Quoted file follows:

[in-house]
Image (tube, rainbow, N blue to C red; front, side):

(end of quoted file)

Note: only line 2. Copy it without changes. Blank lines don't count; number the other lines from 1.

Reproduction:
Image (tube, rainbow, N blue to C red; front, side):